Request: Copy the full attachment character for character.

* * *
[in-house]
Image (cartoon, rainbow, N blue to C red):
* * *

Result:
[in-house]
Image (cartoon, rainbow, N blue to C red):